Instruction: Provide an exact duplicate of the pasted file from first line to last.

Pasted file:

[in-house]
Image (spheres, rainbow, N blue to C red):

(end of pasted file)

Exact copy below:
[in-house]
Image (spheres, rainbow, N blue to C red):